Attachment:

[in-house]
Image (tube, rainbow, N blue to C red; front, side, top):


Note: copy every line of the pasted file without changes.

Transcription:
[in-house]
Image (tube, rainbow, N blue to C red; front, side, top):